It is important to note that the explicit text about self-determination in the two international covenants, which are binding international treaties binding on all states parties. Moreover, they constitute moral, ethical and political principles, as well as legal evidence with respect to all peoples who are demanding this right, even though minorities are not explicitly included in this right. This has led to questioning of the application of the text in Article27 of the ICCPR which is connected to the first article of the covenants that cites the right to self-determination.
Predictions and Interpretations
There may be juridical differences about Article 1 and the extent of its inclusivity, regardless of the preparatory works, which focused on reading and scrutinizing the text as a means to make the article truly inclusive. Specifically, it goes beyond the colonial situation mentioned in the Resolution 1514, which was issued on December 14th, 1960. That is, this right must continue even after the colonial era had ended, especially if the world became free of colonialism and if it benefits the colonies. However, people can continue to benefit from it even after the decline of colonialism.
Some considered that the application of the right to self-determination is restricted to the submissive and colonized people. Others thought that it was a totalitarian right for all peoples when colonialism is abolished. Contrast that position with that of those who didn’t want to expand the right to cover the independent countries or to a part of people or a nation. That is the essence of national and regional unity; that isIndia’s position. On the other hand, Holland talked about the completeness of the text which the UN Human Rights Committee adopted in 1984. However, there are different interpretations of the text depending on political interests and the balance of power, particularly in light of international influence.
The first reading, which considered the text as totalitarian that won’t end when traditional colonialism ends, started from the position that is synchronized with the first article of the two international covenants. They obligate member states with specific commitments, not only towards their own peoples, but also toward peoples who are deprived of the right to self-determination. This reading is more consistent with the Universal Declaration of Human Rights. Perhaps this important conclusion is that the right to self-determination is a deliberate and clear right as far as the second reading is concerned. Some sovereign countries, with ethnic and national diversities, depend on the fear of fragmentation and separation and rely on the regional unity principle and the respect of the political independence, the unity of land, and the sovereignty of nations. They believe that the right to self-determination is an external right of colonized peoples.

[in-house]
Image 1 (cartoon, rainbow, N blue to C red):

As to the internal right, it can be explained as a framework of countries with different forms of self-government. A theoretical and legal explanation for such a problematic issue is due to the differences in meaning between the term “peoples” and “minorities.” The question is whether minorities can benefit from the right to self-determination whether or not a political entity is established. This is what minorities wanted in some countries with national diversities where co-existence is impossible with the absence of a real representation of cultural diversity. Perhaps this is the reason I find this expression more coherent and precise than the minority expression, especially because diversity and pluralism include the equality principle among different and unique, but still equal, components. There is no difference between majority and minority.
The question is whether minorities are considered “peoples” or not, and whether minorities can benefit indirectly from the right that belongs to peoples. This is a very important question that could be affected by new developments in international law. Yet, the concept of “minority rights” has seen a huge development in the last two and a half decades –in international law on the one hand, and the philosophy of politics on the other. This is due to the development of the international norms of the rights of minorities since the achievements following World War II and the end of the Cold War in the late 1980s. The right of minorities moved quickly the internal and international agendas. This was reflected in the adoption of the Declaration on the Rights of Persons Belonging to National or Ethnic, Religious and Linguistic Minorities in 1992 and the Declaration on the Rights of Indigenous Peoples in 2007.
The researcher Will Kymlicka launched in his book “The Philosophy of International Law,” published by Oxford University, several terminologies on the rights of minorities such as multiculturalism, differentiated citizenship, the politics of recognition, group rights, liberal culturalism, and pluralistic integration. However, he prefers liberal multiculturalism terminologies.